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Luisa del Rosal, Dedman College student, education ops may further integrate economies of Mexico, U.S.

Mexico Bureau

Published: 13 December 2014 11:49 PM
Updated: 14 December 2014 12:03 AM
Mexican professionals bringing ambition, startups to North Texas
Educational opportunity is another factor drawing talented Mexicans to North Texas.

David Arreaga, from the northern Mexico state of Coahuila, is a Ph.D. candidate and researcher in the materials science department at the University of Texas at Dallas, where he spends most days seeking high-tech solutions for medical problems such as Parkinson’s and Alzheimer’s.

In 2008, a UTD professor urged Arreaga to consider Dallas as an option. At the time, Arreaga worked for an auto company in Saltillo, Mexico. He was climbing the company ladder, traveling to the United States and Germany for training, but he also saw limitations.

Even though roughly half of Mexico’s population is now considered middle class, the wage gap with the United States is still so wide that it will take years, if not decades, for it to close. For Arreaga, recently married and wanting a better future for his family, that was too long to wait.

On his first trip to Dallas, he was struck by what he called its “high-technology infrastructure,” including research labs, technology giants like Texas Instruments and promising startup companies. He said he saw “limitless possibilities.”

“Dallas opened my eyes to a new world and provided me with opportunities unheard of back in Mexico,” Arreaga said.

Arreaga is founder of a company called Ares Flexible Electronics, which aims to develop technologies for biomedical devices and other applications. He also leads a network of young professionals set up by the Mexican Consulate in Dallas.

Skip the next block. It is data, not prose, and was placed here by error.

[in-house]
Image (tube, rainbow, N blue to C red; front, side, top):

Arreaga, 28, recently sat alongside other young Mexicans on a bright autumn day at the consulate as Consul General José Antonio Tripp Villanueva announced education agreements with area universities aimed at providing higher-learning opportunities for hundreds of young Mexicans. Such opportunities are needed, Tripp said, to serve the emerging economy in Mexico.

The timing is critical. In just over a year, Mexico has passed 16 constitutional reforms in areas ranging from energy to telecommunications. Experts say the changes could generate billions for the Mexican economy and create an economic spillover into the United States.

Reforms in the energy industry alone could create as many as 300,000 jobs in Mexico and economic benefits for Texas, said Pia Orrenius, an economist at the Federal Reserve Bank of Dallas.

“If all goes well, you’re looking at an even more integrated economy, with workers from Mexico and Texas crisscrossing,” she said.

Luisa del Rosal, a native of Chihuahua state, had planned to go to college at Tech de Monterrey in Mexico, but a trip to Dallas and a tour of the Southern Methodist University campus changed that.

She majored in political science with a minor in sociology at SMU. Today, at 28, she is assistant director of programs at SMU’s John G. Tower Center for Political Studies. She helps recruit top students from around the world, particularly Mexico…… READ MORE HERE

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